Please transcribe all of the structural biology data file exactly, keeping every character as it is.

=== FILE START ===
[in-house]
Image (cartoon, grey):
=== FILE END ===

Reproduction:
[in-house]
Image (cartoon, grey):